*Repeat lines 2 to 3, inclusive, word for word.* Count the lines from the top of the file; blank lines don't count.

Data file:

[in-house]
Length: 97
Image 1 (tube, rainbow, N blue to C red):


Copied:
Length: 97
Image 1 (tube, rainbow, N blue to C red):